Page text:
Mortgage bill faces tough road in Congress
News from The Seattle Times:

WASHINGTON —

A sharply divided Congress isn’t likely to jump at President Barack Obama’s challenge for quick passage of a mortgage refinancing bill that supporters say could help millions of homeowners save big each year and boost the economy.

Obama praised the legislation in his State of the Union speech last week, saying the proposal would help more homeowners with mortgages backed by Fannie Mae and Freddie Mac take advantage of low interest rates and refinance their loans.

Even with mortgage rates near a 50-year low, Obama said, too many families that have never missed a payment and want to refinance are being turned down.

“That’s holding our entire economy back, and we need to fix it,” the president said. “Right now, there’s a bill in this Congress that would give every responsible homeowner in America the chance to save $ 3,000 a year by refinancing at today’s rates. Democrats and Republicans have supported it before.”

The economy’s slow recovery from the recession gives the idea urgency, Obama said. “Send me that bill,” he told members of Congress listening to his speech in the House chamber.

The proposal is part of a push by Democrats and the White House to help homeowners take advantage of low interest rates as a way to help the housing market recover and to give the economy a shot in the arm.

While the bill could gain tr…………… continues on The Seattle Times

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Related News:

Mortgage-interest tax deduction costs less than feared
News from Boston Herald:

WASHINGTON — In the contentious debate over whether to reduce or eliminate the home-mortgage interest tax deduction — or leave it alone — one fact has been virtually unchallenged: The popular write-off used by millions of American owners costs the government massive amounts of revenue, somewhere in the range of $ 100 billion a year.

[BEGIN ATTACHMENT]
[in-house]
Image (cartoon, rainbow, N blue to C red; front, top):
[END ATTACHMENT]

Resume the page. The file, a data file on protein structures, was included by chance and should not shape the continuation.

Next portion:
This adds to the federal deficit and debt, and has ranked the deduction high on the hit list of most tax reformers’ agendas, including the bipartisan Simpson-Bowles deficit commission’s plan. President Obama himself called for limiting it throughout his first term in office, and ran on a platform to pare down its costs in his re-election campaign. The compromise congressional tax package that ended the “fiscal cliff” crisis Jan. 2 also contained a limitation on the mortgage write-off, targeted at high-income taxpayers.

But hold on. How much does allowing owners to deduct the interest they pay on their home loans really cost the government? Congress’ technical experts on the subject have come up with new estimates that should figure into congressional deliberations expected later this year on overhauling the federal tax code. Their findings: The mortgage write-off costs tens of billions of dollars less than the government previously believed.

One day after the Internal Revenue Service released its latest instructions for…………… continues on Boston Herald

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